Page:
02 Jul
The Ecstatic Silence: 55

The Saturday afternoons drifted through to dusk with all these lines twisting and distorting Johnny’s solitude and his sense that he might have to endure. Keeping his body in place didn’t touch his mind. Actions were the souls of the merciless. He let others do the behaving for him. He felt their sorrows. It seemed an exchange that, if not fair, produced all the effects of living. Whole civilizations are built on exaggerations between minor differences. Accuracy is always cunning. Truth knows only the market price. And only miracles are worth knowing. Johnny settled for the entreating entrance of motionless nights. Haunting and eloquent ink dreams saw speed limits and existential angst coalesce. Diaphonous auras of unperturbable softness gathered spare and solid shapes.

Johnny had no one to talk to. He woke and thought he knew that no one understood. He wanted to make it clear. He never saw his life as being a matter of being understood. That had been taken off the table. It had been thrown out more or less before the ink abated. It was not an option. Johnny saw the animals around him and their wondrous silence. The silence of the cats. The silence of the squirrels. The silence of the rats. Of the voles by the canals. Of the snakes. Of the rabbits. The hares. The insects and their otherworldly evenings. He couldn’t fathom how they managed their silence. Never fathomed how it was. That was how he identified with them. He related to the hard, definite and immutable distance between them. Their hard silence wasn’t something to be emolliated. He was eager to grasp it. What he understood was how there were distances that stood up to every test. That some silences were immeasurable, unfathomable and perfect. Johnny could speak and yet he didn’t communicate. He walked but never moved. He was there but never here. He would try his best but learned that what he thought and saw and felt would be no help. Honestly, his best wasn't good enough. The beatings went on even when the day had finished and he was alone. They went on in his head and his cheesecloth shirts and across the angles and trajectories of the rooms and roads and woodlands. They carried on in vicious circles as if monks and literature, Byzantium and the intelligentsia had never existed. He knew what the fear was that came across the horizon. He felt the freezing cold that clutched him in a cormorant snarl.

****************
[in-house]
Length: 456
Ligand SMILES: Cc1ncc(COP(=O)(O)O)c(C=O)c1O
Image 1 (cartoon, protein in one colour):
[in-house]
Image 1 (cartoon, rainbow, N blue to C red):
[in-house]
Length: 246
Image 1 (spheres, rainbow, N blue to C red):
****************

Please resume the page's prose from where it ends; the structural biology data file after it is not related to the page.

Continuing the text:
The blind girl held him close everlastingly whilst the father beat out at him across a distance. The body was a wretched disaster that enclosed solitude inside effervescent and fantastic terrors. Sex was fright and hot watery weight pushing down and down and down and down and down. She wanted to wear him like a veil. The great eyes were warm with a glowing frenzy that didn’t ever see him. She was an uncertain rustling of rare separate heart-beating hesitation overcome by the dark deep peering over. This was that. It was helpless deliberation, a fate that came through far doors stealthily and without drama and left as a turbulence that would never stop clicking in his ear drums. It was inevitable and crushing. It touched every secret chamber. It murmured something louder than his strength. It opened other doors beyond which there was nothing and no token of stillness. No living being is ever blessed by this grim bust. Every thought he ever had was belittled. Every part of his body was ridiculous. In the years that followed every girl was impossible. They carried too much strength. They would defeat his every attempt. Lives seemed too much measured by fraud, fear, greed, imagination and poetry. Mirrors were where he drew pictures of what was left of him in moonbeams. His skin was just her road. His hair was the napkin afterwards, the swiped wash-off. His nose was full of the sour scent of her rubbing. Her greasy pulverized rubbery body spread itself across his bruised lips and face, his bleeding nose, his closed eyes that refused her engorged, leaking sepulchre. He played back the tv shows. He clung to the throttled times where films wrote their scripts into his thoughts and threw away one world for something at least quotable.

He tried to keep nothing in mind when he approached the outer world. The miners would take his books and punch him. The boys would punch him and he’d punch back. The girls would stare without blinking. The tests were always a mess. If you’re not clever enough and not strong enough and not wicked enough then what happens? This is what Johnny thought when he was watching the films and the cop shows. He learned his moves and motives there. He watched the heroes to work out why they were left standing at the end and the others weren’t. He felt their bones under his own skin. He liked the black and white ones where there was one less distraction. He watched the vices of the private detectives and gunslinger’s and noted how the music went along for a ride. He watched impassive faces tremble but give nothing out. He wondered at the possibility of meaning in them. He drew conclusions that trailed after the screening like vapours. He took time to slow down his own responses. He spoke in ways he’d learned. He had several ways by the end. He found the delicacy of others in this kind of thing. He found he edged close to something worth noting. He was always looking over other people's shoulders. There was no one who seemed to guess. He was dazzled by what the blind girl had done, as if throughout there had been a promise being withdrawn with one hand but given in the other.